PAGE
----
Supermarket aisles are filled with 'eco-friendly' products.
You don't need to look far to find companies who present a responsible public image to cash in on the growing market of consumers who genuinely care about environmental issues, animal welfare and ethical processes.
Sometimes it's hard to decipher the good from the bad. Are those 'cage-free' or 'barn laid' eggs the equivalent of 'free-range'? Are those 'ethical choice' bananas the equivalent of 'Fair Trade'?
In Colmar Brunton's 'Better Business' report this year, they found that although 88% of consumers these days are making sustainable choices in their shopping, only 15% feel that they are well informed on issues relating to sustainability and only one in three who responded said that they feel businesses are giving them enough information about their social and environmental practices.
I am not surprised by these statistics. There is so much 'greenwash' out there that mislead people on a daily basis, often with no independent certification on what is actually good (or better) for the environment than others. This makes it very hard for the everyday shopper to distinguish between those that actually do minimise their environmental impact and the hordes of great pretenders.
Dole bananas have recently applied for a trademark on their sticker which claims that their product is an 'ethical choice' - not surprisingly, it is coloured green. They claim that this is simply to promote their sustainability practices in places like the Philippines, but there is no one (except Dole themselves) that verifies this, which has lead to complaints by Fair Trade with the Commerce Commission.
I understand the concerns about a self-regulating producer creating their own standards - how do we know that this is a legitimate claim when we walk the supermarket aisles?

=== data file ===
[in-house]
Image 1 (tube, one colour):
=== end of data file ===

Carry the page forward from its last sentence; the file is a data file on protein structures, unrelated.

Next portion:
How do we know that the 'ethical choice' bananas are going to actually achieve an ethical outcome for growers in developing countries?
All Good Bananas, on the other hand, have been through the rigmarole to gain Fair Trade certification - an international, independent scheme that confirms the workers are getting a fair deal in return for their toils on the plantations.
SPCA approved eggs have been through an independent check to confirm that your omelette has come from happy hens, but what about the brands that claim their eggs are free range but show no approval?
A major problem is that most independent certification schemes cost big money. This is one of the reasons why organic food, for example, is more expensive.
I buy organic vegetables. They don't say they are organic, but I know the grower and I know they are in fact organic. He just doesn't want to pay the often-prohibitive cost of becoming an accredited supplier when he only sells to local markets. Fair enough too. Why should he, when all of his clients know his produce is spray free and he has built up that level of trust.
Conscious Consumers is one organisation that are attempting to build bridges over some of the barriers that consumers face. They are working on certification for the hospitality industry and their supply chains, in an effort to make it easy for the growing number of consumers that care about spending their hard-earned cash on businesses with social and environmental credentials.
At the end of the day, green marketing is on the rise and it is up to the individual shopper to decide who they trust and how this will be proved.
There is so much 'greenwash' out there, that we need to be careful who we give our trust to. So who out there knows an example of 'greenwashing' in New Zealand today? Please post it in a comment, or email it to me - perhaps it is time for some naming and shaming...